When folks traveled to school in their buggies, they would use a lantern to light the way. Once arriving at the school, those lanterns were set in the windows to give light to the Christmas celebration since there was no electricity. Decorations for the tree were made by the students and included strings of popcorn, homemade gingerbread men, and dried apple slices. 

Great Western School - Lesson Plans
The teacher’s lesson plan was divided into very short segments.

Perhaps you will want to pay the school a visit in 2020 when it celebrates its 150th Anniversary. If you have a group that would enjoy the experience of attending a one-room school at any time, please contact Ann at schoolmarm2009@gmail.com . You may also receive information by contacting Ohio University Eastern at 740-695-1720.

The modern schools are large and grand and beautiful to see,

But many love the country school treasured in memory.

~Helen E. Middleton

Great Western Schoolhouse can be found on the campus of Ohio University – Eastern just off I-70 at Exit 213 to Route 40. Turn left on US 40 West and the school will be on the right hand side.

Marbles Made in America at Marble King

Marlbe King bag of marbles    Many will remember going to school with your bag of marbles so you could join a game at recess. Someone drew a large circle on the playground, participants knuckled down, and the game began. Each player had their own special shooter marble which was usually their largest marble. Mine had a light blue swirl.

   The goal was to shoot a marble outside the circle. You then kept that marble for the rest of the game. Then students either played “for fair” in which marbles were all returned to their owner or “for keeps” – no explanation needed.

Marble King Berry

“Marble King” Berry Pink began selling marbles in the 1930s.

   Someone had to make those special marbles and this is their story. It all began in the 1930s when Berry Pink was selling marbles manufactured by Peltier Glass. By the 1940s, Pink was selling more marbles than Sellers Peltier could produce so they decided to combine their talents of manufacturing and salesmanship in a new company.

   Berry Pink gave away marbles as he traveled around the country hosting marble tournaments. He became known as the “The Marble King” to the children along the way. When the company was founded in 1949, Marble King seemed a fitting name for this new organization.

Marble King Building

The marble factory is located in Paden City, West Virginia.

   At that time the company was located in St. Mary’s, West Virginia. But in 1958, a fire destroyed the factory and the manager, Roger Howdyshell moved the plant to Paden City where it remains today.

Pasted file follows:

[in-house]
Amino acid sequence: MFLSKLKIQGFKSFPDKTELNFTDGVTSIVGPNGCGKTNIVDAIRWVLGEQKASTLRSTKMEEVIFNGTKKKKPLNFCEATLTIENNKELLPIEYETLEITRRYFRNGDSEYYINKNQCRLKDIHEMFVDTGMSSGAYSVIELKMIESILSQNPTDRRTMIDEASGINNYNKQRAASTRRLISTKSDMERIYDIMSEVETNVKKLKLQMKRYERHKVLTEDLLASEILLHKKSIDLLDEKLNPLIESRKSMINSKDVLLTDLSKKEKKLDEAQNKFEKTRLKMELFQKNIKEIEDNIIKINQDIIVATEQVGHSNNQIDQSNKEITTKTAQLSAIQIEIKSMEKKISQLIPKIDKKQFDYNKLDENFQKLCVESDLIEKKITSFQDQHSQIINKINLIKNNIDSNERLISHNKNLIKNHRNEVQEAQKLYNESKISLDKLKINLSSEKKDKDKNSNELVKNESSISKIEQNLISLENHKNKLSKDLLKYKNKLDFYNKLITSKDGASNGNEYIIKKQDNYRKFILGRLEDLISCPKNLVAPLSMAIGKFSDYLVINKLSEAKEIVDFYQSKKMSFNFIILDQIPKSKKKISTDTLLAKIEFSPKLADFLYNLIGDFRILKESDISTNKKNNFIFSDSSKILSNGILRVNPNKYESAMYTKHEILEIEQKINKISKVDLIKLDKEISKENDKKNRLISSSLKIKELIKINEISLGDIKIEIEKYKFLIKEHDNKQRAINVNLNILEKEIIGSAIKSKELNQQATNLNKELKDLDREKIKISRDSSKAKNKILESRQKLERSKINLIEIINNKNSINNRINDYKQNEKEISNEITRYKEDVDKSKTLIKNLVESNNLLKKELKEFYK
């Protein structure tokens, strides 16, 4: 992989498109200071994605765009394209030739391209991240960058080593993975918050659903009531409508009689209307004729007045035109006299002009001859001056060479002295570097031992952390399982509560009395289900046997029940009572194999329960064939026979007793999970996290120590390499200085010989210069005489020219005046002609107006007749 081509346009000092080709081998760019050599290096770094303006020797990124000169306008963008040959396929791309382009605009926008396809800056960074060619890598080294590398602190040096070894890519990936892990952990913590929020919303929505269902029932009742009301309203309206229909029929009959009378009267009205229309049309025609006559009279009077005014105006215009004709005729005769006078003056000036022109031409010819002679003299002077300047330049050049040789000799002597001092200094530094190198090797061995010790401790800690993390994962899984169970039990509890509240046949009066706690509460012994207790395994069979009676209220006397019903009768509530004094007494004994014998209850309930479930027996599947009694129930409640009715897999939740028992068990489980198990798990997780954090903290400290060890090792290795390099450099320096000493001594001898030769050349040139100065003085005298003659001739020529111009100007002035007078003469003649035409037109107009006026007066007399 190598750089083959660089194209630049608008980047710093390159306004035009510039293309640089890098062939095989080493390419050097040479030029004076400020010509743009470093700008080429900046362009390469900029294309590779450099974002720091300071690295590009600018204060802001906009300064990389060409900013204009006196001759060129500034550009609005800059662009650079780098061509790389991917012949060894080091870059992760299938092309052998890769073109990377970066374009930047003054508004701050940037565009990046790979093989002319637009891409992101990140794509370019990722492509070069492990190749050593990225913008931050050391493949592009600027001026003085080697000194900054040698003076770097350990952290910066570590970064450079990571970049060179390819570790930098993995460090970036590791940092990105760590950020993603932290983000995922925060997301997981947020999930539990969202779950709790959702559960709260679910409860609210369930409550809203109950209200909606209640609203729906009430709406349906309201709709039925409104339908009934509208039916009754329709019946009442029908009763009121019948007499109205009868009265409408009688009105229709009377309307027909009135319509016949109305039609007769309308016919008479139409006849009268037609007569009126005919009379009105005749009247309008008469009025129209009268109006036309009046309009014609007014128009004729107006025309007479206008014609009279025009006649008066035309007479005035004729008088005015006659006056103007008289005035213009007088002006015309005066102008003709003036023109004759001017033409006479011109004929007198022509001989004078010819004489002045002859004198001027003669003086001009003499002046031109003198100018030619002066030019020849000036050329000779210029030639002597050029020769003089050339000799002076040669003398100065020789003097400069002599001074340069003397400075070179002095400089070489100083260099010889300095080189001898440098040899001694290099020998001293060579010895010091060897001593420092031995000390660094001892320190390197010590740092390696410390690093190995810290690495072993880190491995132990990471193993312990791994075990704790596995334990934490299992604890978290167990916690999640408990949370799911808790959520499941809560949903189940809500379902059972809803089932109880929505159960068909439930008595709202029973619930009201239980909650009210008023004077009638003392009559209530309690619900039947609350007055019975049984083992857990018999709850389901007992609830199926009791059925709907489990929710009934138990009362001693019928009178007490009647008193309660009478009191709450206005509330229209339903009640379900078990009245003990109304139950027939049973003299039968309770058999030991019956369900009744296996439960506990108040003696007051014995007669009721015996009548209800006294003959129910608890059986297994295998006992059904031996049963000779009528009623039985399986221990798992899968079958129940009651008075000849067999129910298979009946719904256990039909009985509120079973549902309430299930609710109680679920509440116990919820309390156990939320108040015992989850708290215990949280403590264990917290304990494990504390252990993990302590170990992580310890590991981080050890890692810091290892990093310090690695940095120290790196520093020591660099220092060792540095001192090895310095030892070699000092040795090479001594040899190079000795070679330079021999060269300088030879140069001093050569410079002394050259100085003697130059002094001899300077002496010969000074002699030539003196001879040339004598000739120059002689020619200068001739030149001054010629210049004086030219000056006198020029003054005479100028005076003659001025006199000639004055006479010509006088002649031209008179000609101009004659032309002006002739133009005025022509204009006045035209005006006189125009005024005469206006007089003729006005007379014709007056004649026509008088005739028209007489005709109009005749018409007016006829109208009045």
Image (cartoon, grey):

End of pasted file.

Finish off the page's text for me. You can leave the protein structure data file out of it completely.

Marble King Dad

When he was manager, Roger Howdyshell purchased Marble King in 1963 and his family still owns it today.

   Howdyshell left his mark on the marble industry in several ways. He led Marble King to the top of marble manufactures when he designed the first American made Cat’s Eye marbles. In 1983, Roger Howdyshell purchased Marble King and dedicated his life to making it a success. While Roger died in 1991, the Howdyshell family still operates Marble King and carries on that fine tradition set by Roger.

Marble Rollers

Hot glass is cut into small pieces and rolled into marbles.

   Today, Beri Fox presides over Marble King, the only factory in the United States that manufactures marbles. She was named for Berry Pink and worked at Marble King with her mom and dad all of her life. On summer vacations from college, Beri worked in the family business.

   At that time, most marbles were used in games and toys for companies like Mattel and Ideal. But when video games became popular, Marble King had to make the transition to other uses for their beautiful glass gems. Now, marbles are being used in floral designs, jewelry, architecture, and industrial applications.

Marble King Walt filling the furnace

Wal Lancaster fills the furnace with recycled glass.

   Beri explained, “You can be a broken piece of glass and we can transition you into something new again.” 90% of their marbles are made from cullet glass, which is scrap glass melted down for reuse from several area glass companies. They can make a million marbles a day when in full production.

Marble King Champions

National Marble King champions visit with Beri at the factory.

   This is a frequent stop for tour buses and school groups as they come to learn the history of marbles and have fun along the way. The gift shop includes a 12-foot ring like the one that is used at the National Marbles Tournament in Wildwood, New Jersey. Marble King has been a proud tournament sponsor since 1968. Winners are presented with a $2,000 scholarship for post-secondary education. This year, a virtual tournament was held due to the coronavirus; next year, Marble King will sponsor the West Virginia Marble Festival in Paden City.

Marble King Beri with children

Beri enjoys visiting with children as they play with marble games in the gift shop.

   Kids have a chance to play Ringer in the gift shop. This is one of the traditional marble games where 13 marbles are placed in an X inside a circle. The challenge is to see who can be the first one to knock out seven marbles. “The opportunity to work in an industry that involves kids is what is truly important,” stated Beri. She always enjoys a chance to play Ringer with the kids when they stop by.

Marble King demonstration

   Most people think of marbles being used in toys and games. However, there are many other uses for marbles. Some are used as decorations for weddings, jewelry, fish tanks, and infiltration systems. When you shake a can of spray paint, that rattle you hear is an industrial use of a marble. Special marbles are even used in making wine and beer. They have even been used by NASA for testing in their space balloons. The list of uses is amazing.

Marble King Marble Tower